We are a society built on wheels, so it isn't surprising that vehicle crashes each year take a heavy toll on us, but data released last week by the National Highway Traffic Safety Administration show just how important it is to exercise caution every time we get behind the wheel.

The agency calculates the economic and societal harm from vehicle crashes about every 10 years, according to an Associated Press report. Among the findings from the latest survey of data, which included car and truck crashes in 2010, 32,999 people died, 3.9 million people were injured and 24 million vehicles were damaged. The total economic cost to society was $277 billion, or about $900 for every person living in the U.S. that year, according to the AP.

Many of the accidents, however, could have been prevented or, at least, the injuries less severe had people exercised proper care. Among the findings reported by the AP: Alcohol-related driving accounted for $199 billion, or 23 percent; crashes involving a speeding vehicle accounted for $210 billion, or 24 percent; distracted driving accounted for $129 billion, or 15 percent; preventable fatalities and injuries attributable to occupants who weren't wearing their seatbelts accounted for $72 billion, or 8 percent.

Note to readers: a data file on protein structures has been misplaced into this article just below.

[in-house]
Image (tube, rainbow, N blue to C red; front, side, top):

In 2010 alone, the AP report says, more than 3,350 people were killed and 54,300 were seriously injured unnecessarily because they failed to wear their seat belts.

We depend on our vehicles to get us to and from work, the store, the doctor's and any number of daily chores. In Carroll, there is more opportunity for accidents because such a large percentage of our population commutes outside the county for work. In addition, the rural nature of Carroll means that, for many residents, having an auto is a necessity.

The report illustrates that, despite safety improvements that have helped drastically reduce fatalities and injuries, ultimately it comes down to drivers making the right decisions and staying alert when they get behind the wheel.